Boy to have barmitzvah in German city his grandfather fled on Kindertransport
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Boy to have barmitzvah in German city his grandfather fled on Kindertransport

'Jever is where my father came from and where he couldn't have his barmitvah,' Jacob's mum Lori Gale-Rumens, 58, told JN. 

Left: Jacob Rumens in yellow, with his family; right:  Jacob in blue with his brothers Sam and Oli
Left: Jacob Rumens in yellow, with his family; right: Jacob in blue with his brothers Sam and Oli

A boy from Northampton is to celebrate his barmitzvah in the north German city his grandfather fled before he could mark the milestone.

Jacob Rumens will be having his barmitzvah in Jever at a Shoah museum built on the ground of the local shul, which was destroyed during kristallnacht.

“We’re doing it in Jever because my father couldn’t do it there,” Jacob’s mum Lori Gale-Rumens, 58, told JN. “That’s what is so amazing about it.”

“My dad would think it’s fantastic. It’s something so good that came out of something so bad,” she added.

Jacob’s grandfather, the late Frank Gale, née Fritz Groschler, made a miraculous escape to Dovercourt in Leeds on the Kindertransport at the age of 12, with his brother Hans, who was 15 when he made the journey.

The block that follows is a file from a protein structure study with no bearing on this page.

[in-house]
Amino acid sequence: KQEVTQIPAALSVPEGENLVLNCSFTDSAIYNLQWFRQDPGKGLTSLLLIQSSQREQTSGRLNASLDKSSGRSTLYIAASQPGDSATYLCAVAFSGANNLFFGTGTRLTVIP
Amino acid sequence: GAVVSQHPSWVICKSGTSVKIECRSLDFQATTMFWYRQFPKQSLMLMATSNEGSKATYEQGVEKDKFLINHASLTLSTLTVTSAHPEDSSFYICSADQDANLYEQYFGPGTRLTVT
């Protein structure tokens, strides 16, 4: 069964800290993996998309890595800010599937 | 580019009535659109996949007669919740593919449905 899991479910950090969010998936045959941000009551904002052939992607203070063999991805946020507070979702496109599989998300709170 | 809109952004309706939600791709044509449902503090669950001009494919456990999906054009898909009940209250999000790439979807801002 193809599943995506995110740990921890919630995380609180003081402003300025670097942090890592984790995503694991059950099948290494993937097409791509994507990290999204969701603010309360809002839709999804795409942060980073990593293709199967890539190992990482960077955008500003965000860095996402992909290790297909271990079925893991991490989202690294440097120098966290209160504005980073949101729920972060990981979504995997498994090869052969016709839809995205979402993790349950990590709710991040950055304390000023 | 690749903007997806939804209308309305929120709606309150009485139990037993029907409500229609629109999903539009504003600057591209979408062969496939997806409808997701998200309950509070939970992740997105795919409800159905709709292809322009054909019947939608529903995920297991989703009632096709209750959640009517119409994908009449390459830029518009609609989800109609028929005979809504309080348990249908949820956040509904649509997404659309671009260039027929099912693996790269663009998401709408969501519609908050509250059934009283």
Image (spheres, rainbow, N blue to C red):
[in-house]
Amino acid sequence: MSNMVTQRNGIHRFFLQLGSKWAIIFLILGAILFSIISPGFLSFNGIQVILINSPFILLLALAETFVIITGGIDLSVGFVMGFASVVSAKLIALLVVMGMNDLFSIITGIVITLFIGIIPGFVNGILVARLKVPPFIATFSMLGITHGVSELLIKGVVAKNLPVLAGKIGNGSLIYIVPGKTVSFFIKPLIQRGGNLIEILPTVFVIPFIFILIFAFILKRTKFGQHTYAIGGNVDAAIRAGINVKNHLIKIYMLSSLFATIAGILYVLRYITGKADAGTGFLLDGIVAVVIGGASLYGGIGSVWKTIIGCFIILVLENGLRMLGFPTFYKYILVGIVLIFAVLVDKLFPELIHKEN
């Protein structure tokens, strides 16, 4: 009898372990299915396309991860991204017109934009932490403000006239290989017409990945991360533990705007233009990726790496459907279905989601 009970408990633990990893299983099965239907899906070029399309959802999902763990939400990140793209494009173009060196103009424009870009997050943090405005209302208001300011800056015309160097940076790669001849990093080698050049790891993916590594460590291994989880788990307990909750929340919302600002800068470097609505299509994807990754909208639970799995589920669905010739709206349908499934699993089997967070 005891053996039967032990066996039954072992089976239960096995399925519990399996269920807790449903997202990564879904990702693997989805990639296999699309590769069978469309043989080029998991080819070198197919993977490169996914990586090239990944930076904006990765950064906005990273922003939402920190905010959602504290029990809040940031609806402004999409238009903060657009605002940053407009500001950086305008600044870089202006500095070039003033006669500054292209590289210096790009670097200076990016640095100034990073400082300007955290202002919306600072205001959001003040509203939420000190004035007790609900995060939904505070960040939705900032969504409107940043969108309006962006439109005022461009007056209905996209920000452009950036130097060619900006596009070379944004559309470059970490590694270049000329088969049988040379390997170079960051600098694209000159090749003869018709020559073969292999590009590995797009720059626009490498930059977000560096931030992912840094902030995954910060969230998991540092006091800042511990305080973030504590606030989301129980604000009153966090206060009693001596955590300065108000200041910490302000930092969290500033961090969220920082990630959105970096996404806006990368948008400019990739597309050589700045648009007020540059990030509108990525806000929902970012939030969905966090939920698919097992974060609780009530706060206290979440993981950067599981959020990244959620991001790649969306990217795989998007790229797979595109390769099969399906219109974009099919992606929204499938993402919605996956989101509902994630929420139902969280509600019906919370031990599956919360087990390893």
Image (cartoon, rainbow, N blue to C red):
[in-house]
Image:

In Leeds, Gale worked various jobs, including as an ice-cream vendor, on a Hoffman press and in a factory, before moving to London at the age of 18 and joining the British Army.

His father Julius Groschler ran a cowhide supply business in Jever and was a warden of the local shul. He was deported with his wife Hedwig in 1943 to Theresienstadt, and they were murdered a year later in Auschwitz-Birkenau.

“They were prominent people in the town,” Gale-Rumens said. “They lost their homes and their factories, and this was all situated in the centre of the town overlooking the schloss (castle).”

Around 30 people are expected to attend the ceremony in Jever later this month at the Gröschlerhaus, a Shoah museum standing on the ground of a shul burnt to the ground on kristallnacht.

The museum, founded by local history teacher Hartmut Peters and pastor Volker Landig, was named after the Groschler family and features an audio recording of Gale and even a mezuzah that belonged to him.

Gale-Rumens said: “These people in this small town in Germany have made the effort to make the Gröschlerhaus in memory of the people who perished, in memory of my grandfather.”

Her father, who passed away in 1997 before the museum was built, returned to Jever several times after the war.  “Nobody knew that we were going but he was only in the town for two hours and somebody spotted him and they knew who he was,” she said, describing a trip the family made when she was 11.

In the late 1980s, Gale was among a number of survivors invited for a civic reception in Jever’s schloss attended by local dignitaries. “My father was never bitter and he always spoke warmly of where he came from, and even when I was a child I knew the name Jever,” she added.

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